The UAE joins in

The air force of the United Arab Emirates, which had left the coalition when the Lieutenant's jet went down, rejoined the coalition under Jordanian command; they were to be based near Amman.[13] Soon they had joined in for a few bombing runs.

Preparations for possible invasion


It was announced in the media that "thousands of troops" had been sent to the eastern border with Iraq,[14] which, from time to time, (see map on upper right hand corner) has been occupied by ISIL fighters. This led to speculation that Jordan was preparing an armed invasion of ISIL occupied territory. However, this was later denied by some in the military.[15]

Negotiations with Iraq

On February 12, Khaled al-Obaidi, the Iraqi Defense Minister, announced that "The king of Jordan has requested that all means of the Jordanian armed forces be made available to the Iraqi army," which means that Jordanian ground forces have asked permission to cross into Iraqi territory,[16] in order to assist in a previously announced major offensive.[17] The offer of troops was made again in April.[18]

June/July 2015

On June 28, 2015, rumors began circulating through the press that there was going to be a coordinated attack on Syria by Turkey and Jordan.[19][20] Reports in major newspapers said that the Turkish and Jordanian militaries would invade from their respective sides of the border and create buffer zones well within Syria.[21][22]

Domestic criticism

Weekly newspaper Die Zeit, on reportage in Jordan shortly after 4 February, said the war against ISIL is extremely unpopular in Jordan because it is being led by the U.S.[23]

The mayor of Ma'an, a southern Jordanian city known for its often critical stance toward Jordan's national policies, interviewed by Die Zeit, said: "with all due respect for His Majesty (King Abdullah II), but we are never asked anything when such wars are under consideration."[24]

International reaction

While the Assad regime indicated that it was okay for Jordan to bomb ISIL, it warned that ground troops were out of the question. "We will not allow anyone to violate our national sovereignty and we do not need any ground troops to fight Daesh," Syrian foreign Minister Walid al-Moallem said.[25]

The NGOs Human Rights Watch[26] and Amnesty International [27] denounced the executions of the terrorists, and demanded an end to hostilities.


  1. ^ Engel, Pamela (23 April 2015). "Report: A former physics teacher favored by Osama bin Laden is now leading ISIS". Business Insider. Retrieved 29 April 2015. 
  2. ^ Adams, Paul (February 3, 2015). "'"Jordan pilot hostage Moaz al-Kasasbeh 'burned alive.  
  3. ^ "'"Jordan pilot ejected over Syria after 'technical failure.  
  4. ^ a b c d "ISIS Threatens to Invade Jordan, 'Slaughter' King Abdullah"., 13 June 2014. Retrieved 2 March 2015.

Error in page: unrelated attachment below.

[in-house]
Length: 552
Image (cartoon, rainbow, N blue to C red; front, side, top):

5. ^
  6. ^ "Jordan confirms its planes joined strikes on IS in Syria". Jordan Times. 23 September 2014. Retrieved 2 March 2015. 
  7. ^ "Jordan troops clash with militants on Syria border". Middle East Eye. Retrieved 13 November 2014. 
  8. ^ Shiv Malik (4 February 2015). "Isis video shows Jordanian hostage being burned to death". The Guardian. United Kingdom. Retrieved 17 February 2015. 
  9. ^ (USA Today)
  10. ^ "Lower House fully supports anti-terror fight — speaker". Jordan Times. Retrieved 17 February 2015. 
  11. ^ "Jordan says it has bombed ISIL 56 times in three days". Retrieved 17 February 2015. 
  12. ^ "Jordanian air force destroyed ‘20% of Daesh capabilities’ - commander". Jordan Times. Retrieved 17 February 2015. 
  13. ^ "US welcomes UAE decision to base fighter jets in Jordan". The Jerusalem Post - Retrieved 17 February 2015. 
  14. ^ "Jordan Moves 'Thousands' of Troops to Iraq Border: Jordanian Sources". NBC News. Retrieved 17 February 2015. 
  15. ^ "Jordan can respond to any threat in less than one hour — army chief". Jordan Times. Retrieved 17 February 2015. 
  16. ^
  17. ^ "Iraq To Launch Ground Offensive Against ISIS As Jordan Pounds Group's Strongholds In Syria". International Business Times. 9 February 2015. Retrieved 17 February 2015. 
  18. ^
  19. ^
  20. ^
  21. ^
  22. ^
  23. ^ Die Zeit, 12 February 2015.
  24. ^ Die Zeit, 12 February 2015. In German: "Bei allem Respekt für Seine Majestät, aber wir werden bei solchen Kriegen nie gefragt".
  25. ^ "Syria says it doesn't need Jordan in Islamic State fight". Yahoo News. 9 February 2015. Retrieved 17 February 2015. 
  26. ^ "Dispatches: Jordan's Executions Are Not the Answer to ISIS Brutality - Human Rights Watch". Retrieved 17 February 2015. 
  27. ^ "Killing of Jordanian pilot 'abhorrent' but 'revenge executions' not the answer - Amnesty International". 4 February 2015. Retrieved 17 February 2015.